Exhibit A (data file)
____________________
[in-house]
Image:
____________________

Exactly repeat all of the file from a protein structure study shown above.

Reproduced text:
[in-house]
Image: